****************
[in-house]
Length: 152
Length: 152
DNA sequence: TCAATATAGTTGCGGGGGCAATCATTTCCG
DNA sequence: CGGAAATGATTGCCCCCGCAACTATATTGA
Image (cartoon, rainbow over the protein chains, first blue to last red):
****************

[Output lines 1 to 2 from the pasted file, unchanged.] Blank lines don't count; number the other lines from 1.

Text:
[in-house]
Length: 152